At the same time we cannot underestimate the impression of judiciary being pitched against the elected government. The statements and remarks issued by the judges confirm the impression that members of judiciary perceive that the civilian government has not accepted their judgments and is not serious in implementing them.

Factually speaking, the judiciary has got its intensions recorded in the six options it has offered in the NRO implementation case. The prime minister has been declared insincere to his oath. There is a clear sense that the judiciary must operate in the constitutional domain without getting involved with judicial activism. Option number six makes most sense. It is the discretion of the government to hold election without taking pressure from the judiciary. It is an established principle that political matters should be handled by the political forces. It has now become even more necessary.

What has really helped the cause of parliamentary democracy in the current crisis is the role of the parliamentarians. We must appreciate the positive role played by Asfandyar Wali Khan and Ch Shujaat Hussain in bringing a resolution acceptable to all. It is equally heartening to see Maulana Fazal-ur-Rehaman bridging the gap between president Zardari and Nawaz Sharif. The president is determined to have the Senate election by all means; that is his political and legal right. But Maulana has his own agenda of getting some new political guarantees from President Zardari with the help of Nawaz Sharif; he has hidden talent for arriving at a compromise between President Zardari and Nawaz Sharif.

The recent meeting between the president and the COAS sends hopeful signals about ending the crisis. Credit goes to the allied parties and Ch Atizaz Ahsan. The prime minister Gillani should stop issuing fiery statements and be cool as cucumber. The present government’s future is depending on the Supreme Court proceedings in the coming weeks. Will it reflect the consequences of reconciliation affirmed and promised by the government?

Coalition partners of the government are not ready to support the government in further confrontation with judiciary and army. In these circumstances, the government is left with only one choice — to accept the verdict of the Supreme Court in letter and spirit. A very positive gesture made by the government is its announcement to go for fresh polls after the Senate election.

The next big question before us is: who will supervise the general election because the political forces are not ready to contest election under the president of Zardari. Unless and until they arrive at a workable formula, our fragile democracy will suffer more and every single actor will be held responsible for the consequences.

(The writer is a political analyst and can be reached at [email protected])

 

Past, present and future of debt
A story of the perennial tussle between creditor and debtor
By Jazib Zahir

Those of you who have been devoted students of economics, politics, business and related fields are aware that a wealth of theories abound to explain phenomena like inflation, trade and recessions. Chances are that you have studied dozens of conflicting theories that converge to no universal truth and reinforce the belief that economic hindsight is twenty-twenty and the idea of being able to plan better for the future is ludicrous.

On the surface “Paper Promises” is a book about the past, present and future of debt. In fact it describes itself as the story of the perennial tussle between creditor and debtor. Through this prism, it attempts to explain the history of money right up to the contemporary challenges our world is facing. It’s an ambitious task to stitch together such a rich tapestry on to a simple framework, but the author does a commendable job.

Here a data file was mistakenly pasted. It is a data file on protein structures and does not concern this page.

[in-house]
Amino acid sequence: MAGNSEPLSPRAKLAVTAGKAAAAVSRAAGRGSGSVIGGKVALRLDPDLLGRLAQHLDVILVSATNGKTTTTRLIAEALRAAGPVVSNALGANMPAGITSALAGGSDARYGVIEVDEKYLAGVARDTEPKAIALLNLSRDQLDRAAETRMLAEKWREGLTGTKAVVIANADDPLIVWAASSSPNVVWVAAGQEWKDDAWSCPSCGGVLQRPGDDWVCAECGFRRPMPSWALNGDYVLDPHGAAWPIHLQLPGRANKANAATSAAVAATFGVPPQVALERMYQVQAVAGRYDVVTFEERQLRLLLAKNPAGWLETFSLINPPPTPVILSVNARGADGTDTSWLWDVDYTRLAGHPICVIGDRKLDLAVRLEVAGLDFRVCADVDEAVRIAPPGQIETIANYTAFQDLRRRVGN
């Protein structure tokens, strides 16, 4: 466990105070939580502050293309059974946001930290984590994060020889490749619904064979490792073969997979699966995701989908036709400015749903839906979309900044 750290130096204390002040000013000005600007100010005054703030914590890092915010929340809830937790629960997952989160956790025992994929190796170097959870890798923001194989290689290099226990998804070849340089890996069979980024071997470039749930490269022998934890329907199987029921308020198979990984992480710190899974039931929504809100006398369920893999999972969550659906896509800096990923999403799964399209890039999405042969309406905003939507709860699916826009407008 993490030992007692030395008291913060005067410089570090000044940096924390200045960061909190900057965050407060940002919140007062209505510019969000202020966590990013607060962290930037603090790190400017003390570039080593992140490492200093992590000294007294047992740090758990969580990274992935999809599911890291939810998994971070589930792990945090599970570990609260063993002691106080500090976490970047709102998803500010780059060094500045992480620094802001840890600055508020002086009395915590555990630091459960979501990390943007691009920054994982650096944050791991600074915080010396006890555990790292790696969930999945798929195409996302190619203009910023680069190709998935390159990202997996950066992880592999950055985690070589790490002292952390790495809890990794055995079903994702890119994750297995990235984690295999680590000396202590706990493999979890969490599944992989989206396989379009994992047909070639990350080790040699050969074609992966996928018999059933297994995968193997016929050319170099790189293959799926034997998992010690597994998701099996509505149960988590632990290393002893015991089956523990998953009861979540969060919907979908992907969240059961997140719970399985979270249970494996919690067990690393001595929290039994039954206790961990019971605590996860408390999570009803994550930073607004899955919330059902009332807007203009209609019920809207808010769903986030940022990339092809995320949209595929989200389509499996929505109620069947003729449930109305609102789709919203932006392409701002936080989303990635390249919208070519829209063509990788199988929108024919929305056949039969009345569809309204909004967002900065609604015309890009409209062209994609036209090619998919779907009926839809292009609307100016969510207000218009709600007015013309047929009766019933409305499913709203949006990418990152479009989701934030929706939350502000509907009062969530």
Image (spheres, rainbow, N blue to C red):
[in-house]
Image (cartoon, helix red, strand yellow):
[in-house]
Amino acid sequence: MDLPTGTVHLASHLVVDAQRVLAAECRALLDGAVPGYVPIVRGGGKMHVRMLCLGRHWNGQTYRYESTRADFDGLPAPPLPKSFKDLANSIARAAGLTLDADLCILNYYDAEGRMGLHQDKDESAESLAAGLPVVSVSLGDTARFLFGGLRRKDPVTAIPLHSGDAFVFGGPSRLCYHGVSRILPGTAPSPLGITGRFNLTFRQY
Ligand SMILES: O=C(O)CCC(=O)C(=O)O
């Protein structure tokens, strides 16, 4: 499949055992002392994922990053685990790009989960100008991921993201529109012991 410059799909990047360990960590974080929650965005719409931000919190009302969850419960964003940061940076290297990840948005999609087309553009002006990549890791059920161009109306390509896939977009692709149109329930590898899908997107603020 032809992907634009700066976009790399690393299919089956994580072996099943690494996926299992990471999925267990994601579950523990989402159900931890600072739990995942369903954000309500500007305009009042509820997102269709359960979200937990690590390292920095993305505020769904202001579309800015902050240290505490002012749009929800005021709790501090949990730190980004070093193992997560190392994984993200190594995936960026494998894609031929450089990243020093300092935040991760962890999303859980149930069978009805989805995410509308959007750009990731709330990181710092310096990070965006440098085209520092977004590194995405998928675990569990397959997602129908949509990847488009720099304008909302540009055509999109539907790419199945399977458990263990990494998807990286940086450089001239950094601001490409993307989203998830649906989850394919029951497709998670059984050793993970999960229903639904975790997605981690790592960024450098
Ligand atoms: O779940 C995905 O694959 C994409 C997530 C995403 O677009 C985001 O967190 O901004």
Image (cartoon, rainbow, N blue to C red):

The core idea of the book is that debt is a necessary evil. Without debt, there is no way to generate growth on a pervasive scale. But too much debt is unsustainable so every society attempts to tread the precarious line between the two extremes. Creditors need debtors to provide them with a return on their excess cash. Debtors need creditors to finance their activities. Sometimes creditors need to compromise on how they get their money back. It is this very dynamic that has proven to underlie the nuances of the modern economy.

The early parts of the book trace the history of money and make interesting reading for those with a taste for anthropology and sociology. Money has existed in some form through the ages and its control has allowed empires to rise and fall. The emphasis in this stage of the book is on the emergence of a gold standard and how it empowered some nations at the expense of others. We learn about the limitations of this model and how it was gradually displaced by paper money, then finally electronic money that was much more convenient but also accelerated the growth of the money supply and made debt fashionable. There are some intricate concepts being discussed here, but chances are you will come away with a fairly good grasp of major milestones in economic history.

The middle portion of the book zooms in on the present and allows the United States and Europe to occupy centre stage. Much literature has already been inked on the reasons behind the recession in the United States. The unique contribution of this book is to provide a more insightful analysis of how the financial system in the United States works with a special focus on banks, hedge funds and private equity. It also provides a lucid description of the conflicting economic ideology between Democrats and Republicans. There is an explanation of why legislation in the United States has been designed to cushion the pains of bankruptcy and how this too has been a contributing factor to its present difficulties.